Thursday, July 18, 2013

ARR! the good fight.

first, the student side: this is so cool. the idealist in me wishes for all education to be free, and in some places it's still possible;

it's nice to see that part of that might still be kept alive.
"A unique aspect of the Cooper Union case is that several of the students fighting for the cause have already graduated, and remaining undergraduates still won’t have to pay tuition while they’re students. The reason the students have been sleeping in the president’s office for the past two months is because they fear what will happen to the school after they leave, how a decision to charge tuition might affect the character of the incoming classes and the direction of their alma mater."

~from "Can Cooper Union Find A Way To Continue Free Tuition And Its Social Mission?" @fastco
now, the faculty: when i was in the middle of my ph.d. i recalled a fellow student say the worse the teacher, the more students have to work and the more they have to learn. this was in response to seeing how neurotically i was writing my lectures, so that my students could learn in the most effective way possible.
thinking about it now, i must have been the calculus version of a helicopter parent ..! \-:

anyway, that came to mind when i read the following excerpt. apparently some students do react that way (in extreme cases).
"I had a teacher in college whose lectures were so incredibly clear that it made me think physics was the easiest thing in the world. Until I went home and tried to do the problem set. He was truly amazing, but sometimes I think he was TOO good. I didn't struggle to understand his lectures--but maybe I should have."

~ from "Do the Best Professors Get the Worst Ratings?" @psytoday
there's more:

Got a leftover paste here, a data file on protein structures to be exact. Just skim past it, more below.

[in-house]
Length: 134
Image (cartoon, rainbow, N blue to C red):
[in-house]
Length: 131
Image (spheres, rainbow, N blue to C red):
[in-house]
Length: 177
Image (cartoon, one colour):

"When you measure performance in the courses the professors taught (i.e., how intro students did in intro), the less experienced and less qualified professors produced the best performance. They also got the highest student evaluation scores. But more experienced and qualified professors' students did best in follow-on courses (i.e., their intro students did best in advanced classes).
To summarize the findings: because they didn't teach to the test, the professors who instilled the deepest learning in their students came out looking the worst in terms of student evaluations and initial exam performance.
on a related note: over the course of my career thus far, i've learned from various occasions to be wary of those instructors whose evaluation scores are too high, almost perfect.

lauding your first-year mathematics instructors is a little like thinking that your parents did a perfect job raising you while you are being raised through childhood. i don't deny that students have good, discerning taste .. but it's hard to accurately judge how someone is conveying lessons to you when you don't completely understand the lessons in question!

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